Governing Corporations with Concentrated Ownership Structure: An Empirical Analysis of Hedge Fund Activism in Italy and Germany, and Its Evolution
Posted: 20 Jul 2017
Date Written: July 21, 2013
Against all odds, hedge fund activism occurs also in companies with concentrated ownership structure where the ultimate threat of a take-over has little chance to raise any concern among controlling shareholders.
After summarizing the U.S. literature on the subject, this Article provides an in-depth description of hedge fund activism in Italy, and the plausible explanations for it based on the analysis of hand-collected data. The results are further tested through a comparison with hedge fund activism in Germany based on both legal and empirical analysis.
While concluding that what apparently looks to be pure activism may in fact hide some form of relational investing to the benefit of hedge funds only, the Article also discusses the rationale and functioning of minimum board representation for minority shareholders through slate voting – a uniquely distinctive feature of the Italian corporate governance system that turns out to be a key-factor in future shareholder activism with the unprecedented increasing engagement of institutional investors.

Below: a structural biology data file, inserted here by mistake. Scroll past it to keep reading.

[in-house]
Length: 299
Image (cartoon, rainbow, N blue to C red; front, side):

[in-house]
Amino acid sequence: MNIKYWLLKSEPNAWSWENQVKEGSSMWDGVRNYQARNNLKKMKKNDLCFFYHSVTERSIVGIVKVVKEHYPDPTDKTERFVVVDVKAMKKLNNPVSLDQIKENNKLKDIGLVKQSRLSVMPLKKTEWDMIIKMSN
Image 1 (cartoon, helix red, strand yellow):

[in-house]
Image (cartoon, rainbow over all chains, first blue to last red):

This article builds on an earlier and shorter paper - "Governing Corporations with Concentrated Ownership Structure: Can Hedge Fund Activism Play Any Role in Italy?" - which was presented at the 2009 Annual Conferences of the Canadian Law and Economics Association, University of Toronto, October 2-3, 2009, and of the Italian Society for Law and Economics, Università degli Studi di Firenze, December 4-5, 2009.
This earlier paper is available at:
Keywords: Corporations, Organizations, Hedge-Fund Activism, Corporate Governance, Slate voting, Minority Shareholders
JEL Classification: G34, K22
Suggested Citation: Suggested Citation